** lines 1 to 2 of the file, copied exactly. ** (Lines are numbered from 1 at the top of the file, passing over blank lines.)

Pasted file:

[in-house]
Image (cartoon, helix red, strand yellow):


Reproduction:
[in-house]
Image (cartoon, helix red, strand yellow):